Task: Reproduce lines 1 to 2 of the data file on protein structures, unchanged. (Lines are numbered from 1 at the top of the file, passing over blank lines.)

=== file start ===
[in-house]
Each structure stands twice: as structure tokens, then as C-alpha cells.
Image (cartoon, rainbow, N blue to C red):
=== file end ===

[in-house]
Each structure stands twice: as structure tokens, then as C-alpha cells.